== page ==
Andre S. Grindle | Brewer Maine | 04/14/2007
(4 out of 5 stars)
"'Small Talk' represents as 180 degree turn from the sound Sly & The Family Stone presented onFresh.The overall rhythm section is far sparer and relies on live drumming rather then a rhythm machine.Also Sly adds a light string section to many of the songs which even though they are in the backround make their presense known.On the title track Sly utilizes the sound of his baby Sly Jr as a pure rhythm element,something Stevie Wonder and Prince would utilize in a similar way in the future,but Sly's vocals on it are a almost nil.On "Say You Will" and "Mother Beautiful" Sly actually concentrates on warm (almost wholesome) musings on love and family,the former even utilizing a Moog synthesizer for the first time on a Sly record.Then we are on to "Time For Livin'"-now that is what this album is usually remembered for Sly throwing Rusty Allen's bass a little more to the front and again musing on his new family other then the Family Stone.On "Can't Strain My Brain","Holdin' On","Wishful Thinkin'" and "Better Thee Then Me" the Family Stone offer up a series of sparse,crawling grooves that are sponaneous to the point that studio chatter and cues are left running.On the other hand...there's "Loose Booty".One of THE very best Sly songs ever-it's main lyrical chant coming from the biblical story of three Jewish men involved with King Neberkenezzer-the story of basically marching to your own drum and that is what the song is all about anyway;the meanest,loopable groove and horn blasts possible;funk royalty in the highest!Hip hopper after hip hopper has used it as a BASE,never mind a sample and it almost wipes the floor off of everything else here.But luckilly doesn't completely do that because "Livin' While I'm Livin'" throws a hard rocking funk at you that almost goes back to Sly's first days of success."This Is Love" is the most obvious ballad on the album and is very beautiful.As for the the bonuses each has something distinct to offer.The first is a more vocally arranged take on "Crossword Puzzle" from the forthcoming High on You.On the other hand you also get versions of "Time For Livin'" and "Loose Booty" that are far rawer and less arranged,the former of which actually features a nice extended violin solo by Sid Page.There's also the unreleased instrumental "Positive",incredibly funky and jamming.Overall 'Small Talk' is nothing like Sly's previous two albums;it's incredibly funky but at the same time the lyrics are more about turning inward and the overall sound seems much softer.It does seem like the closing of a chaper for Sly Stone (and commercially this was) but in the musical age to come there were some who were curious just as to what Sly and his Family Stone were up to."
I can see why they left this out of print for so long
finulanu | Here, there, and everywhere | 11/17/2007
(2 out of 5 stars)
"Sly with strings? What? Now that's just plain saccharine, that is. I mean, even when they're subtle, they're not used tastefully, and when they dominate the song ("Mother Beautiful"; the small hit "Time for Livin'"; "Wishful Thinkin'"), they really bog the record down. Now to be fair, strings or no strings this is not one of Sly's better moments at all. "Loose Booty" is clever, all right, and "Say You Will" is catchy as anything else the man ever committed to tape. Still, this is a lacking release: none of the fun found on Fresh; none of the intriguing darkness of There's a Riot Goin' On, nothing half as uplifting as Stand!, and it doesn't have the variety of Life. The funk is listenable but unimaginative ("Holdin' On"; "Can't Strain My Brain", title track; "Better Thee Than Me"), I already discussed the several bad ballads, and what happened to the lyrics? In spite of that, there are little flashes of brilliance everywhere (the sax part on "Better Thee"), and there really isn't much truly pitiful stuff on this album. Proceed with caution, though: It was only recently put back in print, and for a good reason. Don't touch this unless you've heard Sly's better albums first."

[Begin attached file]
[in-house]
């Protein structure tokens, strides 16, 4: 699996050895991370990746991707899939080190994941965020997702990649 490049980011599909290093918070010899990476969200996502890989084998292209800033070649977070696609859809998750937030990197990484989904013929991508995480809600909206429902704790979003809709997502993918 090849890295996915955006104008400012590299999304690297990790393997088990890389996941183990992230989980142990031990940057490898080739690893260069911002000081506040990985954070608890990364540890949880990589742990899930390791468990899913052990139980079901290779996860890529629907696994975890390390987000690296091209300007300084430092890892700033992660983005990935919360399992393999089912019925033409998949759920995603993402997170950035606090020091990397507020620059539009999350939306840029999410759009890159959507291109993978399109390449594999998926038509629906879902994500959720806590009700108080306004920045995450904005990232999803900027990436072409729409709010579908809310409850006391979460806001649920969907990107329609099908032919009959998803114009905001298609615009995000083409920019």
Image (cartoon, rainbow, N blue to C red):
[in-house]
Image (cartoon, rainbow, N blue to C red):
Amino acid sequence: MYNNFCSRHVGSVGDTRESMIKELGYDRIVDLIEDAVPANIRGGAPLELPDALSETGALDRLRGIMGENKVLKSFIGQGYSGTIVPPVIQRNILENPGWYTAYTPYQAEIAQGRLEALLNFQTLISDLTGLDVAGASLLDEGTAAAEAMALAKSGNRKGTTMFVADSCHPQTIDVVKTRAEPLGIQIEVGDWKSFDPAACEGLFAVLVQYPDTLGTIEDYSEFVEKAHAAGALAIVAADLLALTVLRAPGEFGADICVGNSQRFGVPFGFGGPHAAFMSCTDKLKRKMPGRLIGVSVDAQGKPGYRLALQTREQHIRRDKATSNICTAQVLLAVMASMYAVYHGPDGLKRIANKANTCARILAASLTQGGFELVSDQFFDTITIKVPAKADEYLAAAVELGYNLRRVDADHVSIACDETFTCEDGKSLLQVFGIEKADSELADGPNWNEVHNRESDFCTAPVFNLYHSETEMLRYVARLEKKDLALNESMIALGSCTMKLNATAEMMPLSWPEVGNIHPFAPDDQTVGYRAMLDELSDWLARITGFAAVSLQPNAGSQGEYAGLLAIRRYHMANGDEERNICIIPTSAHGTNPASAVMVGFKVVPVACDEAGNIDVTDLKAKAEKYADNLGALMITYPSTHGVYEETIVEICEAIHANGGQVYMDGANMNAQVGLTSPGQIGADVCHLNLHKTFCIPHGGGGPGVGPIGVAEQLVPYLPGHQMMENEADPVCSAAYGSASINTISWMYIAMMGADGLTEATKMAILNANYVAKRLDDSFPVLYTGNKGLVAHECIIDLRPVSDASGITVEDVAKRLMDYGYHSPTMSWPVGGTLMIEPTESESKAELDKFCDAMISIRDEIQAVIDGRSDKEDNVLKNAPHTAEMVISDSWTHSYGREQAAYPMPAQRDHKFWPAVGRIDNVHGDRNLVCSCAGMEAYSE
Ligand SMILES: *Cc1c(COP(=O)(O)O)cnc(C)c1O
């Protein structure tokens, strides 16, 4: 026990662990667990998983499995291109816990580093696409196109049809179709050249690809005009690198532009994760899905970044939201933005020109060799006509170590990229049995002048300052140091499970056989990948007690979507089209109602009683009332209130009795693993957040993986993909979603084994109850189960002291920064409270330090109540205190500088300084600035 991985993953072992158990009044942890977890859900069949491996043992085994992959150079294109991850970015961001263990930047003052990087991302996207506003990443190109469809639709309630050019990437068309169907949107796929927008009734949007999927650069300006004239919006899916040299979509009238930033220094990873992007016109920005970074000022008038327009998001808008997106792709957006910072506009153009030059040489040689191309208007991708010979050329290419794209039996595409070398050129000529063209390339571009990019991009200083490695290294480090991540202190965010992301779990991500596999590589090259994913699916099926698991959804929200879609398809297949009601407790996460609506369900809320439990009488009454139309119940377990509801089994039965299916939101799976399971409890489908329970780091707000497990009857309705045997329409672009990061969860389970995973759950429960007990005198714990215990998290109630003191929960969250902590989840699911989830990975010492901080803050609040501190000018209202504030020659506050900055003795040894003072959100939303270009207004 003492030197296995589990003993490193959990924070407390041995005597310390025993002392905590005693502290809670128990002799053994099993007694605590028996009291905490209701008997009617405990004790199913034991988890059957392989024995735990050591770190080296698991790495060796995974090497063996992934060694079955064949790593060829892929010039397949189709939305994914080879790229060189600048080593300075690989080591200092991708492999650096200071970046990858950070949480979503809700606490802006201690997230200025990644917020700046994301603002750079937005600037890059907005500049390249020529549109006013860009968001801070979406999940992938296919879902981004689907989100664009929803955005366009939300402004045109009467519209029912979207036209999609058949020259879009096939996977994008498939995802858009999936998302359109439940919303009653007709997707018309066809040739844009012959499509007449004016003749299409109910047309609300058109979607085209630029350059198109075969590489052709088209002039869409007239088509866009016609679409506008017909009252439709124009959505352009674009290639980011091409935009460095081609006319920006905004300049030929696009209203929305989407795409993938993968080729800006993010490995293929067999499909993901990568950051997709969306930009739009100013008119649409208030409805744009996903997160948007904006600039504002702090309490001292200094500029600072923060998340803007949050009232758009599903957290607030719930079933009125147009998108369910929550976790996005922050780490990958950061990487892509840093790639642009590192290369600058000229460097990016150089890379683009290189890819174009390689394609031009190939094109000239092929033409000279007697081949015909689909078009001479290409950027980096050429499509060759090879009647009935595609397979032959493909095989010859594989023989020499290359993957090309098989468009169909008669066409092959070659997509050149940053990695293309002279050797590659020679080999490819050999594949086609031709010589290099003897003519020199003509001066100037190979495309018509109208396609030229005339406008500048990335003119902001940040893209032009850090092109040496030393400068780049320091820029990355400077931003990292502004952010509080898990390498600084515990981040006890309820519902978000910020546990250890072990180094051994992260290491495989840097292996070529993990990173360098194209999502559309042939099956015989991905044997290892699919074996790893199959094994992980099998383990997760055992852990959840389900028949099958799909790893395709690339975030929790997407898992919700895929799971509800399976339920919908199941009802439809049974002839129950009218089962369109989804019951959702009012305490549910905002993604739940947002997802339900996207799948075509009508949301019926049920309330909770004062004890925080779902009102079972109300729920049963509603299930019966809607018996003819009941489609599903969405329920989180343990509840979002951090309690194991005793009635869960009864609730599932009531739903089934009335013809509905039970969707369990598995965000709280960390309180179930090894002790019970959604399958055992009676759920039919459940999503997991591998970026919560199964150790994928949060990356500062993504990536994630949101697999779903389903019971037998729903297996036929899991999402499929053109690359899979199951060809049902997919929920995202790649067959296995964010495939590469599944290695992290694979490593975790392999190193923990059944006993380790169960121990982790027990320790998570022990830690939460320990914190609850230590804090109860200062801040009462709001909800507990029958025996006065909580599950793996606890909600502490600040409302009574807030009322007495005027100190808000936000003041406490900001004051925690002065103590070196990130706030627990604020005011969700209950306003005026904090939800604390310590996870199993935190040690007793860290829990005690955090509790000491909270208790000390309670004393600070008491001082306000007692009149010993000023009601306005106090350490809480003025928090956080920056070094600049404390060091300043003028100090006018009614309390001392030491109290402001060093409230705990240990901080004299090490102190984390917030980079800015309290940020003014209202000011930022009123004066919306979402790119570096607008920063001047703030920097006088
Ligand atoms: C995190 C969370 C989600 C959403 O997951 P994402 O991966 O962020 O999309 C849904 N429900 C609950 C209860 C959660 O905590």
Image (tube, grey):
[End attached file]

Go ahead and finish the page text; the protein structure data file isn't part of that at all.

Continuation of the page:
Lighter funk and pop ballads.
Michael Stack | North Chelmsford, MA USA | 05/18/2007
(2 out of 5 stars)
"Coming on the heels of several superb albums, Sly & the Family Stone's "Small Talk" is a bit of a letdown. After a pair of albums buried in dense funk (to great effect), Stone decided to loosen things up a bit-- "Small Talk" thins out the rhythmic impulses and claustophobic density of "There's a Riot Goin' On" and "Fresh". Further, he clears out the dirty sound of those records for a cleaner feel-- less distortion, less groaning and deep funk vocals, and an odd insertion of strings here and there. The resulting record isn't horrible, but it isn't fantastic either.
"Small Talk" pretty much moves from one funk piece to another, pretty much all of them fairly nondistinguished-- whether it's the uptempo sort of stuff ("Better Thee Than Me") or one of the several ballads that seem to overwhelm the album (plodding "Wishful Thinkin'"), all of which are full of schmaltzy sort of strings. Admittedly, this sometimes works out ok, as on the brief "Mother Beautiful", saved by a powerful chorus vocal by Sly Stone, but by and large, while there's not a lot to hate around here (the endless overdubs of a crying baby on the title track make that one a notable exception for me), there's not a lot to love-- it's all pretty much ok.
This reissue remasters the record, appends a handful of bonus tracks and adds a new liner notes essay. The sonic upgrade is fantastic, one thing that's for sure is that the record sounds crisp and bright.
"Small Talk" isn't a horrible record, but there's so much great stuff by Sly & the Family Stone that it's really hard to consider this one in a positive light. It's just lacking."